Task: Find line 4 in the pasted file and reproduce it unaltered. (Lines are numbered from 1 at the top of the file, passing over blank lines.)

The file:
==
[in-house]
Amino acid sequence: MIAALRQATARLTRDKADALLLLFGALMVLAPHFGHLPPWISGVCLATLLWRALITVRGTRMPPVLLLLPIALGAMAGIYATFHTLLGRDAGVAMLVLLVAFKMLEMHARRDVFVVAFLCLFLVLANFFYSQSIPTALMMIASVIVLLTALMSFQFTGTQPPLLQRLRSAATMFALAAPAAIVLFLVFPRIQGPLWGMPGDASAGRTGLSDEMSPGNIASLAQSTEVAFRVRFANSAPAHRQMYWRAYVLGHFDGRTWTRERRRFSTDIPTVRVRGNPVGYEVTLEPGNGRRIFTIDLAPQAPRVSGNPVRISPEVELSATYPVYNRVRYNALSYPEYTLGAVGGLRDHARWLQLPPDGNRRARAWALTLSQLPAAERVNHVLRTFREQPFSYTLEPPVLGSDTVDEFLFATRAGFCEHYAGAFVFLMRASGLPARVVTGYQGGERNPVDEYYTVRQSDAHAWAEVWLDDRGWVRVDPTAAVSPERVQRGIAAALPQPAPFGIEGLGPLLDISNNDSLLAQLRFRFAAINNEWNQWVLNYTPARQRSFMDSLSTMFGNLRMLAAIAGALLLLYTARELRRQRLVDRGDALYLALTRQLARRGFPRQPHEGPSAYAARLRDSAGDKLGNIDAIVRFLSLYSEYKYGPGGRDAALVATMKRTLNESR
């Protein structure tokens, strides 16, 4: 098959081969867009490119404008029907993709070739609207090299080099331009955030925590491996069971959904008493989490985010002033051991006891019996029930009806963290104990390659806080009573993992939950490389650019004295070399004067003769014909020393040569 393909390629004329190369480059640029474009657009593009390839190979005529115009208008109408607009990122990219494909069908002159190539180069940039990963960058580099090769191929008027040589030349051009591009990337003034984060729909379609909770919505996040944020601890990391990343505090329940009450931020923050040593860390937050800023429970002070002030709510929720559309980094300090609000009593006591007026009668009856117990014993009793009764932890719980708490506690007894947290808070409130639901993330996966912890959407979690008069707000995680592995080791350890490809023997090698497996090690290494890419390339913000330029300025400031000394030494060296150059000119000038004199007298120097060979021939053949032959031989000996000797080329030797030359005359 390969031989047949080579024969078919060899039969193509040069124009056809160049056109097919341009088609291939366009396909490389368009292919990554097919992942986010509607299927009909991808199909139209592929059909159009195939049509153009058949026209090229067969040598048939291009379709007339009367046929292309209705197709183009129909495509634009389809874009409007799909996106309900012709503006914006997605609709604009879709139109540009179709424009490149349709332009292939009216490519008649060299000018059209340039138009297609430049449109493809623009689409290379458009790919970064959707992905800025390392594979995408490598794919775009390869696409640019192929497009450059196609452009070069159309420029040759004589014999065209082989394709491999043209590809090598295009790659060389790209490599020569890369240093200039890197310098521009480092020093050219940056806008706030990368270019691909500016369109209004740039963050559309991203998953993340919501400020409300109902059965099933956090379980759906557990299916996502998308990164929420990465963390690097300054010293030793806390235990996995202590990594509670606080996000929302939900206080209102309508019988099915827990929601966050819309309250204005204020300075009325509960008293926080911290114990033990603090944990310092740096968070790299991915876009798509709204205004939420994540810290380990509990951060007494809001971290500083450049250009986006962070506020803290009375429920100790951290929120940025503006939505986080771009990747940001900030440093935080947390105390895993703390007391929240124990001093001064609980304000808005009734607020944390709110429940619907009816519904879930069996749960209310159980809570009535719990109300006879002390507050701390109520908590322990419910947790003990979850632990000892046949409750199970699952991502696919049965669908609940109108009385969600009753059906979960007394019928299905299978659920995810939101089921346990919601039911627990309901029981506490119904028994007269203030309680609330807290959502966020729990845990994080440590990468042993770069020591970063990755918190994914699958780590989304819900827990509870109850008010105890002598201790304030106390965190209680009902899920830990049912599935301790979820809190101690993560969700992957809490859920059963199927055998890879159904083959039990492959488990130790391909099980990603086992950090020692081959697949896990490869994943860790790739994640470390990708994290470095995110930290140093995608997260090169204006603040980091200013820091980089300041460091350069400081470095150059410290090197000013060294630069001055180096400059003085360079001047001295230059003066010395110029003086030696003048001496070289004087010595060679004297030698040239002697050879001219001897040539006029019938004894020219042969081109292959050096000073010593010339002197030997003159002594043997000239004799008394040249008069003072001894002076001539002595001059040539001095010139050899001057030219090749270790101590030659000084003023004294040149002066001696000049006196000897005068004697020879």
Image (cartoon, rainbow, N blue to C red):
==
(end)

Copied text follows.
Image (cartoon, rainbow, N blue to C red):